Why we need Bruce Springsteen at the Super Bowl.
The first time I saw Bruce Springsteen was on a black and white poster during my first trip to the East Coast at the age of fourteen. It was 1979 and I now know I was staring at the cover shot from “Darkness at the Edge of Town” which had come out the year before, but in my small southern town I had never seen those black, soul-old eyes that never seemed to match that young face. My former hippie, now just-vagrant-artist-mom played his album for me that night. I listened to it over and over all that Christmas vacation, never admitting to her, of course, that I liked it. I felt his words, but didn’t know why; I longed to hear a song again as soon as it ended. I didn’t understand his factory-town images and job-loss pains, but even a teen from the South understood wanting to get out of a place you felt would eventually smother you but still fearing the dangers of leaving it…a fear and longing that comes from “wanting things that can only be found in the darkness at the edge of town.”
I continued to listen and follow that Jersey boy I met that cold winter on the East coast. I mean “everybody’s got a hungry heart” at sixteen, and when I went to college kids from the big cities knew him and played his cassettes at parties. When I realized that people can “end up like a dog that’s been beat too much and spend half your life just coverin’ up” I was a College Democrats member so my early anti-Reagan fire was fueled and now like my mom’s generation, I started listening to the politics in my music. Yet, I knew deep down that I still didn’t truly know those guys and gals who spent their lives “workin’ neath the wheels til you get your facts learned”, and the idea that “the poor man wanna be rich, rich man wanna be king, and a king ain’t satisfied til he rules everything” was just too dark and depressing for a twenty-year-old who had finally gotten out of “my hometown”.
Years into a young marriage and a bad career choice, I too began to wonder if “in the end what you don’t surrender, well the world just strips away.” Bruce’s old and new lyrics would speak to me out of my radio every few years, and they were like old high school buddies you needed to see every few years to remember who you used to be, and who you still could still become.
After 9-11 he helped heal us as a nation and called us to “come on up for the Rising”, to meet him “at Mary’s Place” and party with our friends even though no one ever knows the answer to “how can you heal broken-heated?” He was our singing savior. We recovered, New York came back, and the stock market surged.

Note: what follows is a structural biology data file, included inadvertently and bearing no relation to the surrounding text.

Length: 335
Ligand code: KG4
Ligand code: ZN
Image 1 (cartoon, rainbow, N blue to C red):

Today, as a foreclosure attorney I am the “mister” in a pink suit to whom Bruce has sung on behalf of the working folk for 30 years. I now see on a daily basis that young guy who tells me “I’ve done my best to live the right way, I get up every morning and go to work each day, and Mister I ain’t a boy, yes I’m a man, and I believed in the Promised Land”. These guys tell me “I got a job working construction but lately there ain’t been much work on account of the economy, now all them things that seemed so important, well mister they just vanished right into the air, now I just act like I don’t remember”. And sitting beside him is his “Mary, who acts like she don’t care.”
I interview people who just a year before were rich. They ran too fast and built too big, and now they’re finding “it’s a sad funny ending to find yourself pretending to be a rich man in a poor man’s shirt.” They “wake up in the night with a fear so real, spend a life waiting for a moment that just don’t come.”
Like Bruce I got rid of the bad career moves and kept the good marriage. I now want to grab these young couples, stick my Ipod earphones in their ears and make them hear “now our luck may have died and our love may be cold, but with you I’ll forever stay, that’s a fact and maybe everything that dies someday comes back.” See, “for the ones who had a notion, a notion deep inside, that it ain’t no sin to be glad you’re alive”, we need the Boss. We need to be reminded that this country may not “still be a beauty, but hey you’re alright, and that’s alright with me.” We can believe in the love, “the love that you gave me”, and “we can believe in the faith, the faith that you gave me, and someday it may raise us above these Badlands.”
I tell my teenager son that the Super Bowl committee chose this “old guy” because he really can “save” you at one of his concerts; he can remind you of the hope of youth still in your soul. That’s why we need him at the Super Bowl and not 50 Cent or Brittany.
I know that Bruce wants us all to “make a plan, and well if you can’t make it, then stay hard, stay hungry, stay alive, if you can, and meet me in a dream of this hard land.” So let’s go back and listen to all our old Springsteen albums, 8-tracks, cassettes, CD’s and downloads; let’s remember who we were and who we are.
Mostly, stay hard American, make plans, and remember “Baby we were born to run.”
Martha L. Londagin
2600 Harber Oaks Loop
Grove, OK 74344
All “___” words by Bruce Springsteen, of course.
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